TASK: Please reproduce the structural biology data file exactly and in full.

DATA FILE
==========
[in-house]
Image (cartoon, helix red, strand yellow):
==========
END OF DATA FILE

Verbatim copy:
[in-house]
Image (cartoon, helix red, strand yellow):